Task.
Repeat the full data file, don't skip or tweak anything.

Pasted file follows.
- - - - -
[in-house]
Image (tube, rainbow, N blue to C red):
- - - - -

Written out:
[in-house]
Image (tube, rainbow, N blue to C red):